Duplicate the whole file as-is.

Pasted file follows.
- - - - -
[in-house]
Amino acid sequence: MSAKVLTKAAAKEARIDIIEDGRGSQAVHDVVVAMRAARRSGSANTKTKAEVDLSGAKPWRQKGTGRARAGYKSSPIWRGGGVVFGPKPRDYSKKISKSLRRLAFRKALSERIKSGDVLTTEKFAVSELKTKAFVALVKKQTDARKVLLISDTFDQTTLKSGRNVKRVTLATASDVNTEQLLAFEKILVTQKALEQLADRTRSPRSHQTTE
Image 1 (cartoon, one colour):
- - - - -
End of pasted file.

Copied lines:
[in-house]
Amino acid sequence: MSAKVLTKAAAKEARIDIIEDGRGSQAVHDVVVAMRAARRSGSANTKTKAEVDLSGAKPWRQKGTGRARAGYKSSPIWRGGGVVFGPKPRDYSKKISKSLRRLAFRKALSERIKSGDVLTTEKFAVSELKTKAFVALVKKQTDARKVLLISDTFDQTTLKSGRNVKRVTLATASDVNTEQLLAFEKILVTQKALEQLADRTRSPRSHQTTE
Image 1 (cartoon, one colour):